This was interesting to me. I had followed Arnold for quite some time and rarely do you hear a superstar value investor blatantly come out and pitch oil stocks. I should also note this was the time when Buffett began to build a stake in Chevron. Because I thought this was unusual, curiosity led me to do a deeper dive into the world of oil stocks and I started with the big guys, Exxon, Chevron, and Occidental. At the time they were all still recovering from being obliterated during COVID.
The research began with just reading all of the 10ks and a ton of Googling. I also bought a book called Oil 101 which helped give me a nice little primer on the words used in the industry and brought my understanding up enough to feel like when I read the annual reports I could understand what I was looking at.
When I first took a look at the space I was more drawn to the names that were really taken behind the woodshed. There is a certain smell to extremes and fishing in those ponds seem to be the ones where I feel more comfortable, as odd as it might seem. At the time, OXY seemed to be swimming in that pond.
During this time they were coming out of a major crisis. They loaded the balance sheet with debt and a $10 Bil deal with Berkshire for preferred stock to fund the acquisition of the Anadarko. They won the bid and what seemed like immediately after the close of the deal bombs started to go off. Fast forward to March of 2020, they have a massive debt load and their “product” was priced in the negatives. It was grim span of time and there was a serious question as to whether they were going to be able to weather the storm or end up going the route of many other O&G companies who seemed to get greedy and file for bankruptcy.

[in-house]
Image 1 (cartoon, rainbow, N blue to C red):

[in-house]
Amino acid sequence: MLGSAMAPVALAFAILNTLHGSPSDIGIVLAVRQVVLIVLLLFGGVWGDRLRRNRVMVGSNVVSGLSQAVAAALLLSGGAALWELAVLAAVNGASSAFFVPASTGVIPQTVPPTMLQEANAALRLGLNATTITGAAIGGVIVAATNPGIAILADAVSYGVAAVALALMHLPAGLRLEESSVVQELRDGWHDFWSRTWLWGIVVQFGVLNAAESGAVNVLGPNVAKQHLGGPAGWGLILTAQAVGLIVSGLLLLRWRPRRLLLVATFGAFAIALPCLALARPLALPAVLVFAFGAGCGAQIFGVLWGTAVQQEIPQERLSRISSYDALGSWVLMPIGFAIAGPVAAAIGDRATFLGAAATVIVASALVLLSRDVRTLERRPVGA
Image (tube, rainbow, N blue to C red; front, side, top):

My ears perked up when they did a warrants offering. These warrants were available to convert into shares in 2027 at a price of $22 a share. The warrants themselves were $10 a piece so $32 was the break-even. In my mind it was simple, I’ll know long before 2027 whether OXY will be alive or not and if they are alive, these new Permian assets are going to be incredibly valuable. The only question was the price of oil. If it stayed below their ~$40 break-even price they would be in big trouble, if not, there would be a lot of cash. And if there was a lot of cash I didn’t see how the share price wouldn’t climb back to what it was before the pandemic.